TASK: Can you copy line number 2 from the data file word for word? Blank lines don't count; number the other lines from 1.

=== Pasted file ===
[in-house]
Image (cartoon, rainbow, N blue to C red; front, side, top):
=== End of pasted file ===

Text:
Image (cartoon, rainbow, N blue to C red; front, side, top):